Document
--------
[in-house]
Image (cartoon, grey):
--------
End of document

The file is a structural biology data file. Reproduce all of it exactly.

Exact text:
[in-house]
Image (cartoon, grey):